The mid-twentieth century cello concerto is dominated by two great Russian works: the Sinfonia Concertante of Prokofiev and the first cello concerto of Shostakovich. Both works feature fiendishly difficult solo parts and place the soloist in the traditional concerto role of hero or protagonist. On this concert, the Russian cellist Alexander Kniazev presented the infrequently performed cello concerto of Miaskovsky, demonstrating its worthiness as a viable alternative to the Prokofiev or Shostakovich.
The program opened with Schubert’s sunny Symphony No. 5. In this work Schubert unabashedly looks towards the classical symphony of Mozart and Haydn, although one can detect thematic similarities in the third movements of this work and that of Beethoven’s Symphony No. 5. As expected, Schubert filled the work with many surprising but seamless modulations, especially in the first two movements. Conducting without a score, Vedernikov brought out excellent string ensemble while highlighting Schubert’s absolutely delicious woodwind writing.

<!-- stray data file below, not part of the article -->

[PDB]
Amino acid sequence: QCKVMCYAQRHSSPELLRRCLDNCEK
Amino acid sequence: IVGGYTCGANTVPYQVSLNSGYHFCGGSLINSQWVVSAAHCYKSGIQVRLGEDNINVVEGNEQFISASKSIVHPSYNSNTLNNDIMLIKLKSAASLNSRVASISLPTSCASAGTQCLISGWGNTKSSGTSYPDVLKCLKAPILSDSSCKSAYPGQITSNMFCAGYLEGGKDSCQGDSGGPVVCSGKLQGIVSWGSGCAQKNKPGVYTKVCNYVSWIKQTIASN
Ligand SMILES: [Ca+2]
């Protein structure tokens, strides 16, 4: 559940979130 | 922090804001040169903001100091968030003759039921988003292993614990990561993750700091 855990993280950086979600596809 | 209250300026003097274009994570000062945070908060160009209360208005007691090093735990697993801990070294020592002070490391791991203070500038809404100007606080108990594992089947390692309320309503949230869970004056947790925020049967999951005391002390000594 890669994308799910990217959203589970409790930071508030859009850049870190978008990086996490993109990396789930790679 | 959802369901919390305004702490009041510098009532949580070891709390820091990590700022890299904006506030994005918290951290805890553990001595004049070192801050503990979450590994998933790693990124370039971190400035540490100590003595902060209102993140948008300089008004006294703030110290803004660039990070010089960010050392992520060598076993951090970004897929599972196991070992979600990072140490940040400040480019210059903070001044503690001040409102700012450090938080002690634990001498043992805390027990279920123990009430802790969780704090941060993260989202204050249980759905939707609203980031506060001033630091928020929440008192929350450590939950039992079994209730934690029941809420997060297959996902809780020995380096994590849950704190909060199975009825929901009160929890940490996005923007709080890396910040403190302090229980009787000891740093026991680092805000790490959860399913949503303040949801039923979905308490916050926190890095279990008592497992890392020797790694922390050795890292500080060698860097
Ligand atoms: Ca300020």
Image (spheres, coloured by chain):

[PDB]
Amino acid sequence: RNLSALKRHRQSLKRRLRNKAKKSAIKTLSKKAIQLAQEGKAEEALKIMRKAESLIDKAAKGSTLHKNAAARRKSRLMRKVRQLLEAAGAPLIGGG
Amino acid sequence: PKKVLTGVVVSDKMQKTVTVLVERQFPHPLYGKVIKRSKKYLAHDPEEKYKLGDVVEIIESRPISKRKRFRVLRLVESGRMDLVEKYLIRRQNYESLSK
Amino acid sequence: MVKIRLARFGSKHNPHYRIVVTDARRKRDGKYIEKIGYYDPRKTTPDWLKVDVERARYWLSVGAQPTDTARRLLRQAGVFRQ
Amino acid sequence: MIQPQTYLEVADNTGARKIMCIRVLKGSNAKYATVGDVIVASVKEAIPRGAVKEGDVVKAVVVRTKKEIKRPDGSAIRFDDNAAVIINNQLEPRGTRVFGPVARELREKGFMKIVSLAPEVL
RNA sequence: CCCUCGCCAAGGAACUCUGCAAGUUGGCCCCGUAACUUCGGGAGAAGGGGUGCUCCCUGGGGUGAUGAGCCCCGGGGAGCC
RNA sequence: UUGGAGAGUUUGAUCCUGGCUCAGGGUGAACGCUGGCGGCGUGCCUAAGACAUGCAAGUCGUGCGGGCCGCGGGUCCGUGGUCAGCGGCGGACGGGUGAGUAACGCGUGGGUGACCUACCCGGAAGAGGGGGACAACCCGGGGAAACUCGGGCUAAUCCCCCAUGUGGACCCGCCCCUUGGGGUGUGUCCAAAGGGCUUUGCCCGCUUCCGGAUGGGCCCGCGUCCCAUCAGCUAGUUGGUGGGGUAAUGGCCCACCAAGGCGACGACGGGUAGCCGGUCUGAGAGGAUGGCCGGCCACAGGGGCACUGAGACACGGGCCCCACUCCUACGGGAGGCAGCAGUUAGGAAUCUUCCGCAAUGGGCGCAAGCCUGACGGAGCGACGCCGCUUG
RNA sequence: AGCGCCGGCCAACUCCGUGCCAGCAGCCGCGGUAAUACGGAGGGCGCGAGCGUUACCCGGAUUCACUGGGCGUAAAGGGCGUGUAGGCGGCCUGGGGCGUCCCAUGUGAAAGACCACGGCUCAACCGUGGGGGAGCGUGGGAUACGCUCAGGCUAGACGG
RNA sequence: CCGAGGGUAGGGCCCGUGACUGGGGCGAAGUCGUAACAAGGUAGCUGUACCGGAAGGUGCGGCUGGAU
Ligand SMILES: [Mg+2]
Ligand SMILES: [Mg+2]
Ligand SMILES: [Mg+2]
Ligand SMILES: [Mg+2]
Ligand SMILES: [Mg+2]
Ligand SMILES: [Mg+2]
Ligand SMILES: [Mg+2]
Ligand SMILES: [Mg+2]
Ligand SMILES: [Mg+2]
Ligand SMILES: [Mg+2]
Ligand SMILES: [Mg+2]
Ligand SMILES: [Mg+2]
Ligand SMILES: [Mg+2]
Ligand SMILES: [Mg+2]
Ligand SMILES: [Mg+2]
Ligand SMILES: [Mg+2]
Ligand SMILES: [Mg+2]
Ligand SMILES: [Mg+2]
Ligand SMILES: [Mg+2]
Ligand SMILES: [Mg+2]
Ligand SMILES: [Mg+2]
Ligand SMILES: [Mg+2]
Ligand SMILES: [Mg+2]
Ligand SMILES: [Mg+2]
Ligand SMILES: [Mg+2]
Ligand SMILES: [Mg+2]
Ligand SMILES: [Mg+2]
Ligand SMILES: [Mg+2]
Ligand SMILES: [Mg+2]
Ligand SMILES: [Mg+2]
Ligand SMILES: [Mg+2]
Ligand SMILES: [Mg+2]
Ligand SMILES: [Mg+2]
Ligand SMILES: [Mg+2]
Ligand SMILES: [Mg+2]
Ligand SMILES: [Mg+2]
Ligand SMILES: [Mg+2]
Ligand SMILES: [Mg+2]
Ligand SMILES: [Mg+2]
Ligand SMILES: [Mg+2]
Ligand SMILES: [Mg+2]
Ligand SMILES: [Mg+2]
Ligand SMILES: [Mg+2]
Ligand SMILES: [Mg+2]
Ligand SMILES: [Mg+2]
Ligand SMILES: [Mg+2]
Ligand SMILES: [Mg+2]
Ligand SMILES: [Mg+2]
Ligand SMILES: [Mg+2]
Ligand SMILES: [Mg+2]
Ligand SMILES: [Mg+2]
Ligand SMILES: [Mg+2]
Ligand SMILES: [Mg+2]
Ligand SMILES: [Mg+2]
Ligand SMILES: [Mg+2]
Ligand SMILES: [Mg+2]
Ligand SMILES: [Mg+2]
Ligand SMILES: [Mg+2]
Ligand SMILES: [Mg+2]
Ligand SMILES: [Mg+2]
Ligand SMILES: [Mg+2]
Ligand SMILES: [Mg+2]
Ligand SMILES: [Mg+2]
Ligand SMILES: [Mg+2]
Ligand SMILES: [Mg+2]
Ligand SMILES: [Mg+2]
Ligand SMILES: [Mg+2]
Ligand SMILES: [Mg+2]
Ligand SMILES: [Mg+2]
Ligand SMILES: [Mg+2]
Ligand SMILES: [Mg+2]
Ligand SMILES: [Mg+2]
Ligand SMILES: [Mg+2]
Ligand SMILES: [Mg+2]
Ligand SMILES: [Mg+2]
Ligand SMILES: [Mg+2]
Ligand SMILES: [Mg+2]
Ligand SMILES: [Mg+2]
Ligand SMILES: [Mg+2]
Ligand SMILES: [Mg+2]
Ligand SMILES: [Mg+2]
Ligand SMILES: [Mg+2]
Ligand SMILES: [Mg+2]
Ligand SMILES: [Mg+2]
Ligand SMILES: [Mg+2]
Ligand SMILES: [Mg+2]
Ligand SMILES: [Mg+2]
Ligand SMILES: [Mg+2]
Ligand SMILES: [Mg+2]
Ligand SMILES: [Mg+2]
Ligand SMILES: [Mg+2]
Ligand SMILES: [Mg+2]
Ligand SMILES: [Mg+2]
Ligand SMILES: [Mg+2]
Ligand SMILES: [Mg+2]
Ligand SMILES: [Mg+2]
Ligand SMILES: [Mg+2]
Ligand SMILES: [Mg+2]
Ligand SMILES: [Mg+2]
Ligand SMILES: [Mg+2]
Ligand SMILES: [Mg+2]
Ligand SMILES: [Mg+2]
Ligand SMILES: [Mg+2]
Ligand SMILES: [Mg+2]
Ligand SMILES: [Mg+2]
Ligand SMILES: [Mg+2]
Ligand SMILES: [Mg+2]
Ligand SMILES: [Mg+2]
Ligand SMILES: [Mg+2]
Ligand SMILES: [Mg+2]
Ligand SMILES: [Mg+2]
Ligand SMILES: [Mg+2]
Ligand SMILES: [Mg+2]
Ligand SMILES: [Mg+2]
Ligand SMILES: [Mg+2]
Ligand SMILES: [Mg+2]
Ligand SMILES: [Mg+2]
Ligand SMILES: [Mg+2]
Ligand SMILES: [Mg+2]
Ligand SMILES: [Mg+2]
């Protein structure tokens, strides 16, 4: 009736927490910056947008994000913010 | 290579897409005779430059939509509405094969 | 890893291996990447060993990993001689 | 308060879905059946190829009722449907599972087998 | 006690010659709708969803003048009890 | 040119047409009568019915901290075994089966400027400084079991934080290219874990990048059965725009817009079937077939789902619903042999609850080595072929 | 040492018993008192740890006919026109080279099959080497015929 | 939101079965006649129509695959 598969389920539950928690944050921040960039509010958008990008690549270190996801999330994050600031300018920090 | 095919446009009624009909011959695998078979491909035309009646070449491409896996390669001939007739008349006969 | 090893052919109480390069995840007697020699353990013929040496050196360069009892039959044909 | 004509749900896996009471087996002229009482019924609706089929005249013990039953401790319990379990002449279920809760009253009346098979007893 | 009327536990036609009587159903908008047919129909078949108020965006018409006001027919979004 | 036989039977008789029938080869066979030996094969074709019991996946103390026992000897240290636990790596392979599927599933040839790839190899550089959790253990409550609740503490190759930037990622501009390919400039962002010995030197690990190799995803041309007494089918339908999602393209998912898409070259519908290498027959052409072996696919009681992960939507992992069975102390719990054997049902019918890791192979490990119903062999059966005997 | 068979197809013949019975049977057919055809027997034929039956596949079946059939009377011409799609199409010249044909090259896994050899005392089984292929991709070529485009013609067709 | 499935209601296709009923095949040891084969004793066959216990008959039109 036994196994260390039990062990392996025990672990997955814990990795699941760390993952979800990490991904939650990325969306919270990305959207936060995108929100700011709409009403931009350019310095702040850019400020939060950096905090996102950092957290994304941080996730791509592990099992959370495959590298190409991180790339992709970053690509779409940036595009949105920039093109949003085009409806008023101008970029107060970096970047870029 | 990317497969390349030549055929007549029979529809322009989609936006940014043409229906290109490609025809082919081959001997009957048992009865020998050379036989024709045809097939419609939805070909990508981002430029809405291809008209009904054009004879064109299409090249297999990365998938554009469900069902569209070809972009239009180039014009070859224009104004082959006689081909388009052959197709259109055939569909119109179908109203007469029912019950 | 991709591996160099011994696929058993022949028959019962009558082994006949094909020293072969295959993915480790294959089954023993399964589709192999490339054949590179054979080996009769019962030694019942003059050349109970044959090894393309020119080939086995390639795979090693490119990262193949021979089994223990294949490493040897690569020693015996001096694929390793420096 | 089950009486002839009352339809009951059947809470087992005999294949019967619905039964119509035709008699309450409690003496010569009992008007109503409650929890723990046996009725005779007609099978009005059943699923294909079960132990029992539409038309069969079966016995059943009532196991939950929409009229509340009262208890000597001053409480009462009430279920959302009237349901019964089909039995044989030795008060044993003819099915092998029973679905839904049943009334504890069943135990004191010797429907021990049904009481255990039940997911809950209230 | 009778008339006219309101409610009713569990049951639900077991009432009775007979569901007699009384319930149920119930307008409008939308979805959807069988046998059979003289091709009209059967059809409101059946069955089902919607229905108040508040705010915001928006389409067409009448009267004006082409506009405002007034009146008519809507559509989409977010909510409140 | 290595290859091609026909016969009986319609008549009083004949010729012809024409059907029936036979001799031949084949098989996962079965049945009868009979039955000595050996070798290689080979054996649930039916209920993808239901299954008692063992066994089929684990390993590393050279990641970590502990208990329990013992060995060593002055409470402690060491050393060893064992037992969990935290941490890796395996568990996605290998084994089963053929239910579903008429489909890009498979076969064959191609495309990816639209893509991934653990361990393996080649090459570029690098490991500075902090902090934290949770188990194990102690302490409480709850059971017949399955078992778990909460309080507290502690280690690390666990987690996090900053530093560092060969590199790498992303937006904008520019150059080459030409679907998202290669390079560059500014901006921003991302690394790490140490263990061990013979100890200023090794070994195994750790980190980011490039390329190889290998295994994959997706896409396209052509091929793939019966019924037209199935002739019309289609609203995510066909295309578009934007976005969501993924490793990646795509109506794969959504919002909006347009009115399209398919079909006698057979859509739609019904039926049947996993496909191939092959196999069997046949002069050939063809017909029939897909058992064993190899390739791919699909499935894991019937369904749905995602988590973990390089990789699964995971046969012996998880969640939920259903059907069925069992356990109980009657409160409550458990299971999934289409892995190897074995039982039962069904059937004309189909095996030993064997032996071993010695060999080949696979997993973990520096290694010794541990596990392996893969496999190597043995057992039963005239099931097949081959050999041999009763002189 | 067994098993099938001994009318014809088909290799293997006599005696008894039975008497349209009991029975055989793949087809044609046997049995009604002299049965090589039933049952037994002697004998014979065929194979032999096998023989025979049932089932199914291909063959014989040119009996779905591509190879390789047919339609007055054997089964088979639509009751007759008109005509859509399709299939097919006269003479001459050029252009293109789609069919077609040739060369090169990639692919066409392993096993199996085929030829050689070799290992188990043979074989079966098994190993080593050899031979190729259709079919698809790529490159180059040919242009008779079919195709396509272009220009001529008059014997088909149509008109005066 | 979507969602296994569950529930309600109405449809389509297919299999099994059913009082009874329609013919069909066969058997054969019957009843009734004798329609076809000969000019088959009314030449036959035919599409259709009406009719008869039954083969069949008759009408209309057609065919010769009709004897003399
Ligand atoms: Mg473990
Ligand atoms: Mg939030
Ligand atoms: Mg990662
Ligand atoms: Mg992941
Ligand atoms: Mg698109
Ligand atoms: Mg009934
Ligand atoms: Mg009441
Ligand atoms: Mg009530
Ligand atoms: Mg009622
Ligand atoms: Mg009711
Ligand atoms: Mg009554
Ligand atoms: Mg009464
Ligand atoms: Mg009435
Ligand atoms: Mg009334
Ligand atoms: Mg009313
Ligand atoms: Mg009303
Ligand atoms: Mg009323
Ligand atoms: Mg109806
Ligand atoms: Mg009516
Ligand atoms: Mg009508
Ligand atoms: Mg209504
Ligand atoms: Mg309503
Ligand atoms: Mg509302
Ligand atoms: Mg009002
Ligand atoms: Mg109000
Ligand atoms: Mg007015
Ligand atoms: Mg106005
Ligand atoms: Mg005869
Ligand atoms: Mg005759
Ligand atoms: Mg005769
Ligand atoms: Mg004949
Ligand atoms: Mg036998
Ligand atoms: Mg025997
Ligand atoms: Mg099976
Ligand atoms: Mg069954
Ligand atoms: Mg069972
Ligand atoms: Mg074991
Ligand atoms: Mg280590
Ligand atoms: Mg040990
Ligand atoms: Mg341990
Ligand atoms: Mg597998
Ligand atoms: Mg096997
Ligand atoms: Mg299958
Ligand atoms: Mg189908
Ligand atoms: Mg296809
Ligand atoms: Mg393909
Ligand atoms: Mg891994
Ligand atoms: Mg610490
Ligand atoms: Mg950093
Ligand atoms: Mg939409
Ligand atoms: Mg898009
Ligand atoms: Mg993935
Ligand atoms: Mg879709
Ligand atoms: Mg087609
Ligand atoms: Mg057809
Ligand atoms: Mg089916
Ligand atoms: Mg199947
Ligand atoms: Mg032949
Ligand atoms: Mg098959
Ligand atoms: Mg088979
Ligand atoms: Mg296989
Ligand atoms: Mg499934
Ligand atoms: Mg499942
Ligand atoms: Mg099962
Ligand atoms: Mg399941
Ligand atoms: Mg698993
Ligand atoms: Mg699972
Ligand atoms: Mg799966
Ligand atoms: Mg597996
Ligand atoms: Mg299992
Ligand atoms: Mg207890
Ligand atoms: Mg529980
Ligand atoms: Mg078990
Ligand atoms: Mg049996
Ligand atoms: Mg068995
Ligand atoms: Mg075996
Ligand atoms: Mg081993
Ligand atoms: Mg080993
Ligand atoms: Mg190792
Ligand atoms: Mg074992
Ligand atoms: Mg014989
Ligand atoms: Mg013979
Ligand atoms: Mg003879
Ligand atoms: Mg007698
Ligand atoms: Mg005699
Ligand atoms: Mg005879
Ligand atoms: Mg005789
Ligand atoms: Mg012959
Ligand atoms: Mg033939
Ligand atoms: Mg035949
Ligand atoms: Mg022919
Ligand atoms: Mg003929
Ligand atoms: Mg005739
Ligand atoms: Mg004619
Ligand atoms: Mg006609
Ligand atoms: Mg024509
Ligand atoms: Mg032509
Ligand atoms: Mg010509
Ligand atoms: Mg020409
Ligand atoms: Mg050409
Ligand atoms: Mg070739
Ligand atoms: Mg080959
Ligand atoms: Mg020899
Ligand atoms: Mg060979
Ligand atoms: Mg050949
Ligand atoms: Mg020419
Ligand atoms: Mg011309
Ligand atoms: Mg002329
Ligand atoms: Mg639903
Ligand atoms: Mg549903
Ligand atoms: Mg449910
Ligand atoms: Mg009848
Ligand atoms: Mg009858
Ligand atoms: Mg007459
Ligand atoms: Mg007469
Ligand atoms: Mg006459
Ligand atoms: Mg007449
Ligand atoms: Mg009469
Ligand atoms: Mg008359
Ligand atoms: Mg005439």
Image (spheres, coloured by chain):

The Cello Concerto of Miaskovsky is notable for its predominantly lyrical nature, even in the Allegro Vivace second movement. Overt virtuosic display is generally lacking, with the exception of the cadenzas in each of the two movements. Loud orchestral tuttis are also absent. The soloist is placed in a more restrained role, with the orchestra gently supporting or commenting on the solo line. The extended orchestral opening, featuring a beautiful bassoon solo, is mournful and quietly noble. Here one gets the sense that Miaskovsky is looking more towards Rachmaninoff or Tchaikovsky, perhaps even Vaughan Williams or the darkly hued romanticism of Chausson. Some harmonic turns are reminiscent of Shostkakovich. Miaskovsky concludes both movements with a magical transformation to C major. Kniazev was an ideal soloist for this rarely heard score, playing with a warm and penetrating tone ideally suited to this music’s aesthetic.
The final work on the program, Hindemith’s Mathis der Maler symphony, is one of the composer’s most frequently performed orchestral works. One of the challenges of performing Hindemith convincingly is to balance the busy and sometimes pedantic contrapuntal writing with the primary melodic material. Verdernikov achieved this convincingly in the central section of the first movement, although the radiant climax of the same movement was poorly balanced. The second movement was notable for its beautiful oboe solo. The final movement, though quite inventive and featuring Hindemith’s typical fugal writing, leads to a curiously unsatisfying final brass choir apotheosis.
Crédit photographique : © James McMillan